A vertical cavity surface emitting laser (VCSEL) is a specialized laser diode that promises to revolutionize fiber optic communications by improving efficiency and increasing data speed. The acronym VCSEL is pronounced 'vixel.'
Older laser diodes, called edge-emitting diodes, emit coherent light or infrared (IR) energy parallel to the boundaries between the semiconductor layers. The VCSEL emits its coherent energy perpendicular to the boundaries between the layers. The vertical in VCSEL arises from the fact that laser diodes are typically diagrammed showing the boundaries as horizontal planes, so the output of the VCSEL appears to emerge vertically in these drawings.
VCSELs have been constructed that emit energy at 850 nanometers (nm) and 1300 nm. These wavelengths correspond to energy in the near infrared (IR) portion of the electromagnetic spectrum. (The longest visible red is at approximately 770 nm.) Optical fibers transmit energy most efficiently at wavelengths around 1550 nm. Materials used to manufacture VCSELs include gallium arsenide (GaAs), aluminum gallium arsenide (AlGaAs), and indium gallium arsenide nitride (InGaAsN).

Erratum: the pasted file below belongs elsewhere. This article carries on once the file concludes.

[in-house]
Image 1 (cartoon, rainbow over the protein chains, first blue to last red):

The VCSEL has several advantages over edge-emitting diodes. The VCSEL is cheaper to manufacture in quantity, is easier to test, and is more efficient. In addition, the VCSEL requires less electrical current to produce a given coherent energy output. The VCSEL emits a narrow, more nearly circular beam than traditional edge emitters; this makes it easier to get the energy from the device into an optical fiber. The main challenge facing engineers today is the development of a high-power VCSEL device with an emission wavelength of 1550 nm.